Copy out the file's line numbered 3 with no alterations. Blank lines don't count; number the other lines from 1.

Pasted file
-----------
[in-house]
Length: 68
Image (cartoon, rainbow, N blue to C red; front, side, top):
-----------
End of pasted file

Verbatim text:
Image (cartoon, rainbow, N blue to C red; front, side, top):